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Preview of Canada’s Women’s Olympic Qualifier

The women's senior national team is about to have a chance to qualify for the Olympics.

The days of Canada’s men’s and women’s basketball teams not being in contention for the Olympics are past. The men punched their ticket to this summer’s Olympics at the FIBA World Cup last summer for the first time since 2000. Now it’s the women’s turn. 

The women’s team plays in a last-chance qualifier in Sopron, Hungary February 8-11. They will play three games against Hungary, Spain and Japan. To qualify for the Olympics, the women must finish among the top three in the group of four. Then they can start booking their flights to the Olympics in France.

The group is competitive. Spain is ranked fourth in the world; Japan is ninth and is the reigning Olympic Silver medalist. Hungary is ranked 19th. Canada currently sits fifth in the FIBA world rankings. All the games will be on Sportsnet.

The games will be on Sportsnet on their main TV channels and available on Sportsnet NOW, as well it is available on Courtside 1891 The games take place starting on Canada vs Hungary at 1 pm Eastern on Thursday on Sportsnet. On February 8th, Canada plays Spain at 9:30 am Eastern on Friday on Sportsnet. Finally on February 9th, Canada takes on Japan at 9 am Eastern on Sunday, February 11th on Sportsnet.

To get this far, Canada had to win the FIBA Americas Pre-Olympic tournament last November. 

Canada has been a force in international women’s basketball for over a decade. The Canadian women have made it to every Olympics since 2012, and in September 2022, they came fourth at the FIBA Women’s World Cup. The roster in the Olympic qualifying tournament will look very similar to that team, headlined by Bridget Carleton and Natalie Achonwa. The only major absence from the Canadian roster in Hungary will be Aaliyah Edwards who is finishing up her senior year at the famed women’s basketball program at the University of Connecticut (UCONN).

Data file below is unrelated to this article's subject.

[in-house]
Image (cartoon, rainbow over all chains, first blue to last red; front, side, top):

The roster is comprised of : Natalie Achonwa (Minnesota Lynx-WNBA), Bridget Carleton (Minnesota Lynx-WNBA), Laeticia Amihere (Atlanta Dream-WNBA), Kayla Alexander (Tango Bourges- France), Syla Swords (Luhi High School), Emily Potter (Perth Lynx Australia), Nirra Fields (İzmit Belediyespor – Turkey), Shay Colley (Flammes Carolo- France), Sami Hill (Araski AES – Spain), Aislin Koenig (Flammes Carolo – France),  Shaina Pellington (Sanga Milano- Italy) and according to sources, Yvonne Ejim (sister of Melvin Ejim) (Gonzaga-NCAA).

Some players to watch:

Back in 2022, when Canada finished fourth, Bridget Carleton was phenomenal and was named to the all-tournament first team, averaging 12.8 points, 5.3 rebounds and 35 percent shooting from 3.  She is a forward who can create her own shot, is smart coming off screens and is a solid defender with a 6-foot-1 frame. Meanwhile, the veteran forward Natalie Achonwa will be playing as a new mother, after giving birth to her son Maverick in 2023; she will be on the court, playing for him and her country. Laeticia Amihere is an athletic forward who can dunk and mix it up inside; she has yet to play a game in the WNBA though she was drafted eighth overall in 2023. Lastly, the player who might be the next face of Canada basketball is the babyface assassin Syla Swords, an 18-year-old highschooler who is a five-star recruit to the University of Michigan. Swords showed out at last year’s U-19 FIBA Women’s World Cup, dropping 26 in a win over France to win the Bronze Medal. She is a sharpshooter but can finish in the lane, as she possesses great touch and good basketball IQ. It’s unclear how much time she will get but is someone to keep an eye on for the years to come.

If Canada does qualify for the Olympics, it would be the first time in the program’s history that they have qualified for four consecutive Olympics. It would also be the first time that the Canadian men’s and women’s basketball teams had qualified for the Olympics at the same time since 2000.